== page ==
Meriem Collection Sale One / 628

The Meriem Collection. Lot 628

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A FINE INSIDE-PAINTED GLASS SNUFF BOTTLE
SIGNED YE ZHONGSAN, DATED MID-SUMMER IN THE DINGWEI YEAR, CORRESPONDING TO 1907
Of ovoid form with a flat lip and recessed foot surrounded by a footrim, finely painted
with a continuous design of magpies perched and flying around the spreading branches
of a newly blossoming prunus tree, with further birds perched on rocks beside white
peonies at the base of the tree trunk and a lone bird in flight on the foot, inscribed in
draft script “Composed mid-summer (the fifth month) in the dingwei year by Ye
Zhongsan”, with one seal, yin, coral glass stopper with mother-of-pearl finial and vinyl
collar
5.4 cm. high
$8,000-10,000

P R O V E N A N C E :
Wasserman Collection.
Hugh Moss Ltd.
E X H I B I T E D :
Canadian Craft Museum, Vancouver, 1992.
L I T E R A T U R E :
Hugh Moss Limited, Chinese Snuff Bottles, Summer 1976, p. 64, no. 175.
JICSBS, Autumn 1982, p. 42.

Magpies (xique) represent happy events, and can also evoke another expression, xibao chunxian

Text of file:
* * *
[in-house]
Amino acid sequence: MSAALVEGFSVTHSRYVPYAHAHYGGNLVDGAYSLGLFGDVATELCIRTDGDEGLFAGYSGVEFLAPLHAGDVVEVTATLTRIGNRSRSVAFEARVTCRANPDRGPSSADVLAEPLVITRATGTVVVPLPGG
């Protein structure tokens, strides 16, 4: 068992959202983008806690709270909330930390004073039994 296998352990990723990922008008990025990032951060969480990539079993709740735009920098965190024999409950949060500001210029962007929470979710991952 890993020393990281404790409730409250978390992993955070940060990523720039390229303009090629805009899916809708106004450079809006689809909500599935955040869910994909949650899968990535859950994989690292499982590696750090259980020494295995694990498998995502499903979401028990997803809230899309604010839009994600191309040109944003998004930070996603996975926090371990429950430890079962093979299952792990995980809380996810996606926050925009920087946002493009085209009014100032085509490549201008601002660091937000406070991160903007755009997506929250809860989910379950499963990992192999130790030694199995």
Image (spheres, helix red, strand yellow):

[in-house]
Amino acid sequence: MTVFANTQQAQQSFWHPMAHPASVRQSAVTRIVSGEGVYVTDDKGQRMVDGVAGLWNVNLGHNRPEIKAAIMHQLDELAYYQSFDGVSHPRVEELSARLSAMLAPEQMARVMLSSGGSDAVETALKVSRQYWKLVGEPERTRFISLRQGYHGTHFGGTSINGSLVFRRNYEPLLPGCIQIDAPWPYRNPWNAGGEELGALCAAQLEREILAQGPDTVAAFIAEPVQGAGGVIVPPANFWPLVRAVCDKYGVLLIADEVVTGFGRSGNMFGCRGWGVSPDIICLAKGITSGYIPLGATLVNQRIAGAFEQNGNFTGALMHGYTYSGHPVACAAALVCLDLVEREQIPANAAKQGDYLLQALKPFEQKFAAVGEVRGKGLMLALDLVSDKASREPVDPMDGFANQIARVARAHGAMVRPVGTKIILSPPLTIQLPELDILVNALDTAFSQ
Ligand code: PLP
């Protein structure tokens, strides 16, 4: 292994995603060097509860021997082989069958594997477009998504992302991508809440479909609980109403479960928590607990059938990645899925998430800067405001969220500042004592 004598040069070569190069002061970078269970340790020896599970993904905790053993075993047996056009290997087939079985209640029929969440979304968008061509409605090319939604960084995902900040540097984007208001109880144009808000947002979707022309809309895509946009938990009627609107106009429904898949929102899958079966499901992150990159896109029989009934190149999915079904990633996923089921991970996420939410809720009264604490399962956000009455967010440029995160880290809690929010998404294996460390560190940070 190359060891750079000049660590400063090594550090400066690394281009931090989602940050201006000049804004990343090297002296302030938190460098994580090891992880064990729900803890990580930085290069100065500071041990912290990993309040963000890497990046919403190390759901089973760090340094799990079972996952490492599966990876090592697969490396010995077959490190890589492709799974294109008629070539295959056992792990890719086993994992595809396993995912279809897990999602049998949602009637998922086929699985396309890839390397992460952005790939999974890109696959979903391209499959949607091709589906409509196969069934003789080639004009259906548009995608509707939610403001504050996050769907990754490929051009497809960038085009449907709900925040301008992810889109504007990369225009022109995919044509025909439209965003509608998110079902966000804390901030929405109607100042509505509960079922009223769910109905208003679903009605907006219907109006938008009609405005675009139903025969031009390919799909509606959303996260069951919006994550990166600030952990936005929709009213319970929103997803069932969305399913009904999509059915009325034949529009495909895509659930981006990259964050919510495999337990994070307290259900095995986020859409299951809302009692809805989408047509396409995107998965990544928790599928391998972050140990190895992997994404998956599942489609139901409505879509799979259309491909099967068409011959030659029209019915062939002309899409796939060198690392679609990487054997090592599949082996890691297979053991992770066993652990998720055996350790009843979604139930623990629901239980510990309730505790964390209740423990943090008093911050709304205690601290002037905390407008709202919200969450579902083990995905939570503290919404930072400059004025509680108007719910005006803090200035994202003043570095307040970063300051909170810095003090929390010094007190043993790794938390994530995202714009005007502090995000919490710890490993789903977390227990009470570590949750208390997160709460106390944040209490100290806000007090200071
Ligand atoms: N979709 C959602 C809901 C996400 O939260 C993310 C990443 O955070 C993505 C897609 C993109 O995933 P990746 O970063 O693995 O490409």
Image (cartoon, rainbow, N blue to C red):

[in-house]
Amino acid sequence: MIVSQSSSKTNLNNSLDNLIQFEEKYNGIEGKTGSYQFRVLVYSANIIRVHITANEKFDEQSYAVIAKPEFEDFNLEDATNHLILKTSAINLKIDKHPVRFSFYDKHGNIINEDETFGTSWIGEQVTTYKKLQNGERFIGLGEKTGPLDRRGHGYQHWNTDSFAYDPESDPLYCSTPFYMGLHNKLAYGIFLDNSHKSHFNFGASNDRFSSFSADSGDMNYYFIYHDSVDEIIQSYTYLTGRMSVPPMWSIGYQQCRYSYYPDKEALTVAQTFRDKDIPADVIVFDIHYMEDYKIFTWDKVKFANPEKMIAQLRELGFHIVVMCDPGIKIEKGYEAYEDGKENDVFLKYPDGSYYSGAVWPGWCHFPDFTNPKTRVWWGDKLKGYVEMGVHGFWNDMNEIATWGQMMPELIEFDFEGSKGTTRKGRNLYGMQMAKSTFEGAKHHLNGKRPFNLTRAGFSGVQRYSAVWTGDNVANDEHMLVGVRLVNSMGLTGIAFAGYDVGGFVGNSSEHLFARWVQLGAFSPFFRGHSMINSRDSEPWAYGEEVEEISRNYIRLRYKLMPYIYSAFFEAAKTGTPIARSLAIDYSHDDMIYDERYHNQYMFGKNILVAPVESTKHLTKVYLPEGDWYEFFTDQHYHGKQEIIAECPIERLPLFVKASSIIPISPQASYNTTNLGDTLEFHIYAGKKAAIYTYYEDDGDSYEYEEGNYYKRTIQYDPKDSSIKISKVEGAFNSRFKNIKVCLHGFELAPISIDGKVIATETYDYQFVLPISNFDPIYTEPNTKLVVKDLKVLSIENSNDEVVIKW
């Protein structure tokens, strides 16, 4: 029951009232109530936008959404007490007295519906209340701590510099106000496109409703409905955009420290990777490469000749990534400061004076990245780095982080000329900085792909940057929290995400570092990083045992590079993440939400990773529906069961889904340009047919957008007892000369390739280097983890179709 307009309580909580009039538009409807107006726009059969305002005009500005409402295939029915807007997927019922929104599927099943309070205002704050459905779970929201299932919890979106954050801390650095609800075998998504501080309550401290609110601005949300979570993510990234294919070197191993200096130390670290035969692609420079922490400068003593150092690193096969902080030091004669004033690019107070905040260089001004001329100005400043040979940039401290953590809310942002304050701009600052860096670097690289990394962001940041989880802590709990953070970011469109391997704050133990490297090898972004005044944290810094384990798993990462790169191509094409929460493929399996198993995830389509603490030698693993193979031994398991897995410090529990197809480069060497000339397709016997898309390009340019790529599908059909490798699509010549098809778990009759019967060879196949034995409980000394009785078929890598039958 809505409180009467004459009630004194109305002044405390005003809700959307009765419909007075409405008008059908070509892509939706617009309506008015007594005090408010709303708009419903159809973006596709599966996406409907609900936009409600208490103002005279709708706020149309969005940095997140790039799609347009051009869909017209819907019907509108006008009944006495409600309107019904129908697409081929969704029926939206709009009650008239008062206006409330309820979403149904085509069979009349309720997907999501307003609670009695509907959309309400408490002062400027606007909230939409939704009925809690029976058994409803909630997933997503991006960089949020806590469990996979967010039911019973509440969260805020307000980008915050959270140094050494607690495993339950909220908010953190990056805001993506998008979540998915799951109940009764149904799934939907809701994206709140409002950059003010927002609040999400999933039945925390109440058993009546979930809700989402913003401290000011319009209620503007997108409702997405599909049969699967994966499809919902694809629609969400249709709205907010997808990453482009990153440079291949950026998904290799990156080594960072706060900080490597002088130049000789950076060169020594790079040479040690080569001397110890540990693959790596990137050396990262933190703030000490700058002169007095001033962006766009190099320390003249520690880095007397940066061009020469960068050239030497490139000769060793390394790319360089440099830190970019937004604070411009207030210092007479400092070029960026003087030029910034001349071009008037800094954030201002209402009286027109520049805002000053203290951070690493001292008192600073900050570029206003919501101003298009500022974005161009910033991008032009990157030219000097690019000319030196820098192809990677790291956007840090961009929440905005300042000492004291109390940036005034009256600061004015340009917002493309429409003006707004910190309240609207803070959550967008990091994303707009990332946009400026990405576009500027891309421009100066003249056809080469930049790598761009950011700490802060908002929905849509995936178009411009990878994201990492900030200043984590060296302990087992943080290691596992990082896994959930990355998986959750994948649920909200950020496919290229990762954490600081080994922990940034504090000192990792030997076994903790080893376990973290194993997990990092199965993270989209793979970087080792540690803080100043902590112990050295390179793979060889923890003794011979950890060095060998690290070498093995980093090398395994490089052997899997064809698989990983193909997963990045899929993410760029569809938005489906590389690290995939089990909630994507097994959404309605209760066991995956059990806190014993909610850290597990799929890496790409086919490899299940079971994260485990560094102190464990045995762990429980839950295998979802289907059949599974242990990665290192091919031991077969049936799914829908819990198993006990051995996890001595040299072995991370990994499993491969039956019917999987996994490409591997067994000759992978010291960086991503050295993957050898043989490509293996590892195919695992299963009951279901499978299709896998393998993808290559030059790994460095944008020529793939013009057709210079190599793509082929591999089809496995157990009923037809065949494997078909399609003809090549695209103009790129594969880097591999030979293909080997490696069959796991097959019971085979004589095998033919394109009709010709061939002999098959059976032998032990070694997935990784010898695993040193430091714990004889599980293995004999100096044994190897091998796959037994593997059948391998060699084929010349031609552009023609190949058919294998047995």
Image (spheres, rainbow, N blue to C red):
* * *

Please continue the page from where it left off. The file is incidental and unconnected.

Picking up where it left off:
(“The magpie announces the arrival of spring”). Thirty magpies also illustrate a popular tale related
to snuff bottles which is narrated in Yonglu Xianjie, Zhao Zhiqian’s late-nineteenth century book
on snuff and snuff bottles, where a man was tricked into paying a fortune for a porcelain bottle
which seemed to depict each day of the month with a corresponding number of magpies, when
in fact, the trickster had thirty bottles, each painted with a different number of birds, which he
brought out one by one in sequential order as if the bottles were one and the same.

For a very similar bottle, formerly from the Wise collection and now in the Denis Low Collection,
see More Treasures from the Sanctum of Enlightened Respect, p. 349, no. 314. It would appear
that Ye painted two or three wide-mouthed snuff bottles with magpies at Beijing in the spring
of 1907.
1970

The Meriem Collection. Lot 628

Hugh Moss |